In Lamovec’s autopsy study of the metastatic pattern in patients with ILC versus IDC, a statistically highly significant prevalence of ILC metastases to the peritoneum/retroperitoneum, hollow viscera, internal genital organs, leptomeninges, and myocardium was shown . The infiltrates are usually diffuse as in lymphoma or leukaemia, a finding possibly explained by the loss of E-cadherin demonstrated in 95% of ILC. In Kane’s series of 153 breast cancer patients undergoing serial abdominal computed tomography, 2 developed bilateral hydronephrosis, both due to retroperitoneal metastatic lobular carcinoma .
Therefore, the finding of a hydronephrotic kidney in this case raised suspicion for the presence of metastatic disease in the retroperitoneum causing ureteric obstruction. Although Tamoxifen is used to blockade oestrogen receptors, it has a weak agonist effect. One of the relatively rare complications of prolonged tamoxifen use is endometrial polyps, endometrial hyperplasia (with or without atypia) and/or malignant transformation . In the NSABP Breast Cancer Prevention Trial, Tamoxifen, increased the incidence of endometriosis in post-menopausal women from 1.6 to 4.15 per 1000 women per year, although the increased risk seemed to be confined to those without a history of previous estrogen use and a BMI <30 . In addition the analysis was confined to women who had an intact uterus at study entry.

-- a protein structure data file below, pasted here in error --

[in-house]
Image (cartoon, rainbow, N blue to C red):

Endometriosis including malignant change after Tamoxifen therapy is the subject of a number of case studies . Endometrial adenocarcinoma presenting as a pelvic mass after tamoxifen therapy in the setting of hysterectomy 13 years prior has been reported . Three previous case reports link ureteric involvement by endometriosis with or without malignancy following tamoxifen, one of which was intrinsic and in the context of long prior hysterectomy [8-10]. Involvement of the urinary tract by endometriosis is rare (<1% of cases), often silent (40%) and over a third of cases with ureteric obstruction are intrinsic, although often also associated with an extrinsic component . Murine models suggest that estrogenic effects leading to endometriosis are modulated by other stromal and vascular factors being modified by tamoxifen, not simply an estrogenic agonist effect on endometrial cells . Aromatase inhibition would be the preferred choice of antiestrogen adjuvant therapy in the setting of a post-menopausal woman with a history of endometriosis.
The rarity of hydronephrosis complicating endometriosis or ILC does not merit routine urinary tract monitoring. However, in patients with a history of partial estrogen agonist exposure such as Tamoxifen and or ILC, the investigation and management of hydronephrosis should consider these as etiologies. A past history of endometriosis is a relative contraindication to tamoxifen for adjuvant therapy.